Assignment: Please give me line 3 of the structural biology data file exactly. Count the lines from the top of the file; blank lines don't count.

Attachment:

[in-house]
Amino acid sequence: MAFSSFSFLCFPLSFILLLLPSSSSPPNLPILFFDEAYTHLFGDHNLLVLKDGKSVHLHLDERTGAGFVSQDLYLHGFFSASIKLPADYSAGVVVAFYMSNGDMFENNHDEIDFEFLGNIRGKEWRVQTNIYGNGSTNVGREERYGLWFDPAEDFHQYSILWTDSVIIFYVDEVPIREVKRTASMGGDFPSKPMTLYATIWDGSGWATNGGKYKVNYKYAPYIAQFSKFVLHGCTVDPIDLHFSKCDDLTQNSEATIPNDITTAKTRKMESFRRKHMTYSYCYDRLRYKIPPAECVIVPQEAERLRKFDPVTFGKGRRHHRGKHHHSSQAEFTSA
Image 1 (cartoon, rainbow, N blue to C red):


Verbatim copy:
Image 1 (cartoon, rainbow, N blue to C red):